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Death at 25: Blogging the end of a life

By Madison Park, CNN
Eva Markvoort started her blog, 65_RedRoses, to document her struggles with cystic fibrosis.
Eva Markvoort started her blog, 65_RedRoses, to document her struggles with cystic fibrosis.
  • Cultural shift occurs as people discuss impending deaths with frankness, doctor says
  • Eva Markvoort's blog detailed violent struggle with cystic fibrosis
  • Her memorial service will be livestreamed on her blog at 1 p.m. ET Friday

(CNN) -- The former beauty queen stared into the camera, but this was no pageant or performance. She looked frail and thin, and her hair was rumpled. But Eva Markvoort smiled weakly.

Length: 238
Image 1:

"Hello to the world at large," she said in the video. "To my blog, to my friends, to everyone. I have some news today. It's kinda tough to hear, but I can say it with a smile." Propped in a hospital bed, Markvoort sat surrounded by her family. "My life is ending."

Markvoort had cystic fibrosis, an incurable disease that causes mucus to accumulate in the lungs. For nearly four years, she narrated an unvarnished blog about life with a terminal disease. Even when it appeared unlikely that she would receive a second double lung transplant, the 25-year-old continued to chronicle life on her blog.

The public sharing of one's last thoughts is a way to acknowledge that the end is near, but it also destigmatizes death for others, said medical experts who work with terminally ill patients.